So while I TOTALLY understand where you’re coming from in my case I feel it makes more sense to start off charging a bit on the lower side, get some clients, then raise rates for the new year. Eventually I would like to get clients who will be willing to pay more and replace the lower paying clients… but yeah, we’ll see how it goes! Thanks for the article!

  2. Paulette,

    Thank you for the reply! I know that many translators may not have the flexibility they would want to start charging higher rates, but let me tell you, once you set a rate with a specific client, it becomes really difficult to change that rate. You basically don’t. As you well noted, you would have to find new clients and eventually replace the low-paying ones.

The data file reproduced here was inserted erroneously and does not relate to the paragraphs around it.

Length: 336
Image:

Many well-known translators in the field charge quite a bit more than the national average, even more than $0.30 cents per word. For instance, check out Judy Jenner’s translation rates on her website Twin Translations. Her rates are publicly displayed, and believe me, she has clients that are willing to pay that much.

    So, my point is there are clients out there that are happy to pay for quality. The key is to be patient and emphasize how much value we are able to provide through our work. The rate that we give our clients includes more than just translating from one language to another, and if we don’t value what we have to offer first, who will? Thanks for the comment!

  3. Hi Beverly,

    Thanks for writing! I had been translating on a part-time basis for 3 years while I taught full-time. I’ve just recently made the switch to full-time translation.